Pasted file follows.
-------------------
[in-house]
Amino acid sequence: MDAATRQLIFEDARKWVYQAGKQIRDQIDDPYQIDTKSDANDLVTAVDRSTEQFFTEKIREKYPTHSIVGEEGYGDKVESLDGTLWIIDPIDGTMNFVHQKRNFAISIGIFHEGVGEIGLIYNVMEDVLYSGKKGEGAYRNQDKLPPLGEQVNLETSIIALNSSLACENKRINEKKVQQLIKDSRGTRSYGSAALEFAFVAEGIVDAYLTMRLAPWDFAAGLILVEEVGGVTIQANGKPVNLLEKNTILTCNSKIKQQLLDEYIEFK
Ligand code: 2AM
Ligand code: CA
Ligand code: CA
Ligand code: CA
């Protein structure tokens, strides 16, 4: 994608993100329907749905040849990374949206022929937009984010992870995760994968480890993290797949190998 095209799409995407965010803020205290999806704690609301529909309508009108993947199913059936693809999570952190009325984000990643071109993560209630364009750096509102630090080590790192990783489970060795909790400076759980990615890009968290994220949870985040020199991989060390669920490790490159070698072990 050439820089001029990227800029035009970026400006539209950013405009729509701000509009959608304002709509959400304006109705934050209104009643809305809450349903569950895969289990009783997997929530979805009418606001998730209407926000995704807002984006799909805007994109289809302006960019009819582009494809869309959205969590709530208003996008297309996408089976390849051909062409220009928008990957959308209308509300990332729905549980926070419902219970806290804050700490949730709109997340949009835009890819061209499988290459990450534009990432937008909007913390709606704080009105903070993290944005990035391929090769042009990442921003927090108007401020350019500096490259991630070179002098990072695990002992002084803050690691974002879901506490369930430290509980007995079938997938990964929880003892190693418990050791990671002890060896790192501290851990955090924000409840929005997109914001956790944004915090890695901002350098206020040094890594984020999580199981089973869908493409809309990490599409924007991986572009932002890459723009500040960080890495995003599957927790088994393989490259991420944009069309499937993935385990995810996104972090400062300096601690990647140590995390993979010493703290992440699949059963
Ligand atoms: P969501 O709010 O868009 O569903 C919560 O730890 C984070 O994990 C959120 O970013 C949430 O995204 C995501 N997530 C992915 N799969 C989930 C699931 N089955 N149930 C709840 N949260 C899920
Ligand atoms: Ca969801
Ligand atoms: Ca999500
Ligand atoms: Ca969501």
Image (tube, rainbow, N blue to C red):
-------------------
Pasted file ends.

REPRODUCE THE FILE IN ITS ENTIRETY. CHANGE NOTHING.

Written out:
[in-house]
Amino acid sequence: MDAATRQLIFEDARKWVYQAGKQIRDQIDDPYQIDTKSDANDLVTAVDRSTEQFFTEKIREKYPTHSIVGEEGYGDKVESLDGTLWIIDPIDGTMNFVHQKRNFAISIGIFHEGVGEIGLIYNVMEDVLYSGKKGEGAYRNQDKLPPLGEQVNLETSIIALNSSLACENKRINEKKVQQLIKDSRGTRSYGSAALEFAFVAEGIVDAYLTMRLAPWDFAAGLILVEEVGGVTIQANGKPVNLLEKNTILTCNSKIKQQLLDEYIEFK
Ligand code: 2AM
Ligand code: CA
Ligand code: CA
Ligand code: CA
């Protein structure tokens, strides 16, 4: 994608993100329907749905040849990374949206022929937009984010992870995760994968480890993290797949190998 095209799409995407965010803020205290999806704690609301529909309508009108993947199913059936693809999570952190009325984000990643071109993560209630364009750096509102630090080590790192990783489970060795909790400076759980990615890009968290994220949870985040020199991989060390669920490790490159070698072990 050439820089001029990227800029035009970026400006539209950013405009729509701000509009959608304002709509959400304006109705934050209104009643809305809450349903569950895969289990009783997997929530979805009418606001998730209407926000995704807002984006799909805007994109289809302006960019009819582009494809869309959205969590709530208003996008297309996408089976390849051909062409220009928008990957959308209308509300990332729905549980926070419902219970806290804050700490949730709109997340949009835009890819061209499988290459990450534009990432937008909007913390709606704080009105903070993290944005990035391929090769042009990442921003927090108007401020350019500096490259991630070179002098990072695990002992002084803050690691974002879901506490369930430290509980007995079938997938990964929880003892190693418990050791990671002890060896790192501290851990955090924000409840929005997109914001956790944004915090890695901002350098206020040094890594984020999580199981089973869908493409809309990490599409924007991986572009932002890459723009500040960080890495995003599957927790088994393989490259991420944009069309499937993935385990995810996104972090400062300096601690990647140590995390993979010493703290992440699949059963
Ligand atoms: P969501 O709010 O868009 O569903 C919560 O730890 C984070 O994990 C959120 O970013 C949430 O995204 C995501 N997530 C992915 N799969 C989930 C699931 N089955 N149930 C709840 N949260 C899920
Ligand atoms: Ca969801
Ligand atoms: Ca999500
Ligand atoms: Ca969501």
Image (tube, rainbow, N blue to C red):